Last Updated on November 29, 2023 by News Desk
As guaranteed by Article 19 of the Constitution and an essential component of a democratic nation such as India, the Madras High Court has emphasised the right to peacefully defend without the use of arms. The court further pointed out that the freedom to protest is a component of free speech and the right to life that Article 21 of the Constitution guarantees.
The petitioners contended that the charge memo was issued without due process because they were Teachers Federation members and had protested against irregularities made by respondent authorities during the seniority list finalisation process. The case dealt with a number of pleas contesting charge memos issued by the District Educational Officer under Section 17(b) of the Tamil Nadu Civil Services (Discipline and Appeal) Rules, 1955. They also argued that the petitioners had neither demanded or collected illegal gratification nor had caused dereliction of duty, insubordination, or allegations involving moral turpitude.
The petitioners, acting on behalf of the respondent authorities, engaged in agitation by provoking other educators, disrupting classes with loud speakers, and creating issues with law and order on Trichy Highway by using derogatory and unparliamentary language against the Education Department officers. The court observed that the charge memos were issued without scrupulously following the guidelines, and no police intervention had taken place or any criminal complaint was filed against the petitioners for their illegal actions.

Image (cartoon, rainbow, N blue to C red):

The court further noted that the petitioners’ fundamental right was to demonstrate peacefully against the department’s unlawful use of its authority. It declared that Articles 19(1)(a) and 19(1)(b) of the Indian Constitution protect the petitioners’ right to demonstrate on behalf of the Teachers Federation against the respondents’ arbitrary use of their authority to suspend one of the organization’s members.
The teachers had been suspended by the department at first, but after widespread protests around the state, they were later reinstated, the court noted. After reaching its decision, the court determined that the accusations contained in the charge memo did not follow the state government’s guidelines and were not supported by logic.
Case Title: J Jayaraj and Ors. vs. Chief Educational Officer
Written by: Srijan Raj, @procrastinate_human